home jobs contact us
Our Clients:
Browse by Sport
Find us on ASAP sports on Facebook ASAP sports on Twitter
ASAP Sports RSS Subscribe to RSS
Click to go to
ASAP Sports e-Brochure View our


March 27, 2015

Zach Auguste

Mike Brey

Pat Connaughton

Jerian Grant

Demetrius Jackson

Steve Vasturia


MODERATOR: We're joint right now by student-athletes from Notre Dame, Jerian Grant, Pat Connaughton, Steve Vasturia, Zach Auguste and Demetrius Jackson. If you have a question for the student-athletes from Notre Dame, please raise your hand.

Q. This is for Zach. As you recall going into games against Jahlil Okafor; what you felt going into those games, the challenge, how it felt, what you thought about, how is it alike or different from going against this Kentucky team with multiple guys that size?
ZACH AUGUSTE: It's kind of the same. I give a lot of credit to him. He's a great player, very talented, has a big physical presence as well. I know Kentucky has three physical bodies in there, it's just going to be another challenge for us, individually and collectively.

Q. This is for the upperclassmen among you. You may have a little more perspective on this, you've been through seasons before and I'm wondering as successful a season as you guys have had, when you try to imagine yourself looking ahead five, ten years and looking back on this season, do you think what will stand out the most are those successes, the wins or whether it will be something else, whether it's being together or someone on the team or a joker or watching the younger players get better?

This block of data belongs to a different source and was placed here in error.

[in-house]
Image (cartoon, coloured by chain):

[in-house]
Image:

JERIAN GRANT: Yeah, I think just being able to look back at this team. We've really come together as a family, as brothers. I think that's what's made us so good. We really trust in each other, we really give each other confidence so looking back, it will definitely be just being around these guys, and obviously the wins, too, but just the season we've had has been great.

PAT CONNAUGHTON: I think the experience overall. I think the experiences that we shared both on and off the court. I think when you look back on a season such that we've had with all we have went through, coming off of last season with this year with all the different storylines around it, you can't look at one thing you will remember the most. You will remember it all as a whole, I think. You'll remember coming together in the summer and going to Italy and doing all those things before the season started, and then you'll look at the season as a whole, and not many people were sure how we would perform and we had to believe in each other, and that's what we still have to do, but it's something that we'll remember, and then obviously you go through the successful season you've had, the so far successful postseason. All of that as a collective whole will be something that you won't be able to forget and memories that you'll have forever.